Getting to Know Your Pit Bull Puppy
Getting to know, and training, your American Pit Bull Terrier puppy involves understanding of the breed as well as patience. The stigma placed on the breed doesn't seem to make sense to anyone who has cared for a Pit Bull puppy, as these highly social individuals are affectionate and willing to please.
Intelligent, dominant and powerful are words that adequately describe the American Pit Bull Terrier, and this is ever so true when it comes to training one from a puppy. Properly training your puppy while educating yourself on how to avoid improper care improves the temperament of your pup and helps debunk some of the negative myths surrounding the ownership of this magnificent and stunning breed of dog.
Housebreaking your Pit Bull puppy requires determination and patience, much like caring for an infant. Puppies need time to get used to being away from their litter-mates and mother, and will often whine, whimper and act out during the first few days of being in their new surroundings. A healthy puppy often snaps out of this and adapts within a few days as long as it is given proper attention as well as time to be alone while it sniffs out the environment.
To assure a smoother transition, make available a small pet bed with a stuffed animal the puppy can sleep with. This helps ease the puppy's separation anxiety after being separated from the litter.
Potty training begins immediately upon the Pit Bull puppy's arrival, and depending on the invididual pup, this can be a speedy process. There are varying techniques on potty training a puppy, but the intelligence of the Pit Bull allows it to quickly discern repetitive action. Observe your puppy, and anytime it begins to sniff the floor as it wanders around, grab it and take it outside so it can do its business.
Begin a potty schedule as soon as you can by taking the puppy outdoors to its designated potty spot approximately five to 10 minutes after it eats. Follow this schedule after every "meal" the puppy eats. Another option involves crating, which is essentially lining a pet carrier with newspaper and placing the puppy inside of the crate whenever it begins to sniff around on the floor. Placing newspaper by a door exiting the house, teaches the puppy to eventually go outdoors to relieve itself.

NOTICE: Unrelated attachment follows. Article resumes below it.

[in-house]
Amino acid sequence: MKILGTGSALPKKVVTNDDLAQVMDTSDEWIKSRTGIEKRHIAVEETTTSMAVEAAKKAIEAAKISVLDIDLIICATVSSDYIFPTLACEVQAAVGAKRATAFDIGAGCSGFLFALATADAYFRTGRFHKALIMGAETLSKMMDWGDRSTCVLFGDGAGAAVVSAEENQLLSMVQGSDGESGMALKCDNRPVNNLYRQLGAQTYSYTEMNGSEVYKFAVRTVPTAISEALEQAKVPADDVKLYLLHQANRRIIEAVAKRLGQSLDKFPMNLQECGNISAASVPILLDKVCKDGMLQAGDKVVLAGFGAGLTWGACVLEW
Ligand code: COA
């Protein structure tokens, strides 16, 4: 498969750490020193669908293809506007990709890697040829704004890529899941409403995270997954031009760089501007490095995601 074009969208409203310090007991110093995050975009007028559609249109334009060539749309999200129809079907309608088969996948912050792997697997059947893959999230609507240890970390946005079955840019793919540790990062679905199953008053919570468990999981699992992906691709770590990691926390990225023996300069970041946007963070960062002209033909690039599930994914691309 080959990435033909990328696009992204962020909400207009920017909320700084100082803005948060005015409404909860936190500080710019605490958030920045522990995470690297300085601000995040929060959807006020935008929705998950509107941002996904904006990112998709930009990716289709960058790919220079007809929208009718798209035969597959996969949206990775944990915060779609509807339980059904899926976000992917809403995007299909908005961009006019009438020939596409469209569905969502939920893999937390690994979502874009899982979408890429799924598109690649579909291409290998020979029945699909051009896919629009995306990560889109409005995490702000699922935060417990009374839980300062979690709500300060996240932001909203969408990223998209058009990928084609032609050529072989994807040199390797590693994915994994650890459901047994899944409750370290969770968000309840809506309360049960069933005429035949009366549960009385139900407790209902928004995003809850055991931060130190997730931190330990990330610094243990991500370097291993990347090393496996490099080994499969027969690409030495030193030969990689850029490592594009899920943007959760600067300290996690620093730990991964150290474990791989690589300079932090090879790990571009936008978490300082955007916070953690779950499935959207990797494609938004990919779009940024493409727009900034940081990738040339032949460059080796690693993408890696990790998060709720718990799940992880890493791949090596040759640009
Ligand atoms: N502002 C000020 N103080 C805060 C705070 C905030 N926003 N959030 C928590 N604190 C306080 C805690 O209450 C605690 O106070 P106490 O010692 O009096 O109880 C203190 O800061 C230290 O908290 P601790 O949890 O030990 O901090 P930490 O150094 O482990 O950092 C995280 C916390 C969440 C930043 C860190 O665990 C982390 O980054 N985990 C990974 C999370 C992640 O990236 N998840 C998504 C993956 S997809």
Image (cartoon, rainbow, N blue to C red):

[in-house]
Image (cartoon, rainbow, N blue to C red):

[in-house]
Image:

Breaking Bad Behavior
American Pit Bull Terrier puppies are rambunctious, energetic and highly social by nature, making it important to socialize them at as young of an age as possible. The failure to socialize a Pit Bull puppy, or other dog breed, often results in aggressive behavior. In some puppies it can also cause other obedience problems.
Socialize your Pit Bull puppy by taking it out to parks and other dog-friendly places. Allow it to become acquainted with children and other animals such as cats, birds and other dogs. Allowing your puppy to be social at a very young age and throughout its life keeps it used to being around people and other animals. This, in turn, decreases the chances of your puppy becoming an out-of-control dog.
Pit Bull puppies are notorious chewers. In fact, they chew practically anything they can scrape their teeth on. Furniture, carpet, wall trim, clothes, shoes and everything else in your home or yard can fall victim to the teeth of your Pit Bull, so, nipping the problem in the bud before it starts is an excellent move to make.
Positive reinforcement is key in this endeavor, and you must never strike or punish a Pit Bull puppy physically. When you see your puppy chewing on a sock, shoe or other forbidden object, simply take it away and replace the item with an approved chew toy. Firmly say "no," as you take the object away from your puppy, to further assert the rule. Eventually the puppy will ease its desire to chew by grabbing one of its favorite toys. Keep a wide variety of durable chew toys on hand, and throughout your home so your Pit Bull puppy doesn't get bored.
A Happy and Obedient Pet
The bottom-line, when it comes to training an American Pit Bull Terrier pup, is to use patience and plenty of affection. Pit Bulls are extremely loyal and loving pets that build deep bonds with their owners, so keeping your puppy happy reaches the halfway point in training it to be an obedient and well behaved pet as an adult.